SMS messaging linked to cybersecurity risks

TeamRed
TeamRed
Sep 6, 2019
3 min read

Woman using cellphone at nightOnce a key communication tool, SMS messages have taken a back seat thanks to the advent of iMessage, Whatsapp, Telegram, LINE, WeChat, and countless other instant messaging platforms.

Well, they’re grabbing headlines again. Sadly, it’s for all of the wrong reasons.

This month, it was revealed that over a billion Android users were susceptible to an SMS vulnerability. The exploit, which could allow malicious hackers to gain access to a trove of services – including all of a user’s emails.

It’s a simple attack, too. According to Artyom Skrobov and Slava Makkaveev, authors of the report, the attack takes advantage of a process called over-the-air provisioning. The process is usually used by operators to send out settings to new phones that have joined their network.

This isn’t the only time that SMS messages made the headlines this week, either. Twitter has also just disabled tweeting via SMS in a majority of countries because of a hack carried out on their CEO, Jack Dorsey.

It may sound comical, but all the hackers apparently needed was Dorsey’s phone number. With that in hand, they were able to use messages to post on his account without logging in.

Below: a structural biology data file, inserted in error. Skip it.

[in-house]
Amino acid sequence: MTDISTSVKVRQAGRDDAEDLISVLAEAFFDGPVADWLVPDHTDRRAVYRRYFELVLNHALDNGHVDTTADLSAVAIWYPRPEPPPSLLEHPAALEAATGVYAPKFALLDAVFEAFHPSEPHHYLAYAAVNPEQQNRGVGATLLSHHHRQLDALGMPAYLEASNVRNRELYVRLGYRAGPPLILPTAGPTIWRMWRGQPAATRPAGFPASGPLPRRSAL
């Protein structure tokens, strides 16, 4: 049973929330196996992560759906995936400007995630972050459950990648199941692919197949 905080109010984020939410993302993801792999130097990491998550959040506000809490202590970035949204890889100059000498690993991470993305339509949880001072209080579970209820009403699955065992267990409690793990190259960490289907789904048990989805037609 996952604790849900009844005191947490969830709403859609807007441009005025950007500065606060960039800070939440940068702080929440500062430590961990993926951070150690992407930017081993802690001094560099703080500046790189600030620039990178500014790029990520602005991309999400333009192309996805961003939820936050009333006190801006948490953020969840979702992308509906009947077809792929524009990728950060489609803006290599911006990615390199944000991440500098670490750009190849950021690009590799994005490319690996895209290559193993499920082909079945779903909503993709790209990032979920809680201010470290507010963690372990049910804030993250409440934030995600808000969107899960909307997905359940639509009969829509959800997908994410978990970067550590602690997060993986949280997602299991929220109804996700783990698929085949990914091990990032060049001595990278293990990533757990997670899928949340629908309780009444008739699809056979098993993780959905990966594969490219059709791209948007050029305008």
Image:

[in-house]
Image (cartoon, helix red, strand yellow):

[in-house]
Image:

Other cybersecurity headlines

Over 600,000 GPS trackers have a terrible default password

The first of these include a revelation that 600,000 GPS trackers made in China had the default password of ‘123456’. If this was not changed, then anyone could gain access to people’s location in real-time. The trackers have been used in multiple continents. ­

City stands defiant against ransomware attack

On a more positive front, it’s been reported that the city of New Bedford in Massachusetts has shown defiance to a hacker group holding them hostage with ransomware. Instead of paying them $5.3 million, Mayor Jon Mitchell has opted to try to restore what they could from backups.

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TeamRed
TeamRed